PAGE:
The White House has put the brakes on plans to classify photos taken during last week’s controversial Air Force One-style flyover of Manhattan, reversing a decision to keep the official images of the incident under wraps.
White House Press Secretary Robert Gibbs told reporters that an internal report will probably be completed this week and the infamous photos will see the light of day.
“We'll release its findings and release a photo," he said.
The news came after the baffling decision to classify the well-documentened (and totally scary) low-flying F-16 and Air Force One clone photo-op that scared the holy heck out of lower Manhattan.
Mayor Bloomberg took a little shot at Team Obama Tuesday, questioning the public relations-savvy of the administration's decision to keep the publicity photos of low-flying plane under wraps.
"If I were them, I think I'd get less publicity by putting them out rather than by keeping them in," Bloomberg said. "They did not ask about coming up here and flying that plane around and they did not ask me about the photos either."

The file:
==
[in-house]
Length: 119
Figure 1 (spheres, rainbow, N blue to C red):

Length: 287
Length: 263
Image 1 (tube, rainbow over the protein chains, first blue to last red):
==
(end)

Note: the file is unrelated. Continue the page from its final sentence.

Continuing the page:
The glamour shots taken during the $328,835 photo op sparked fears of a terrorist attack and caused scores to run for cover, but the Obama administration told the New York Post Tuesday that the infamous publicity stills would never see the light of day even though other pictures and even video are already public.
"Look in the papers. There are the photos," said the mayor who seemed a little amused by it all. "I don't know what could possibly be classified. Maybe there's some national interest that I'm not familiar with."
The White House didn't tell all necessary local authorities about the government-sponsored photo op that involved a Boeing 747 and an F-16 fighter jet whizzing past the New York City skyline -- and instead told those in the know not to share information about the super secret photo op with the public.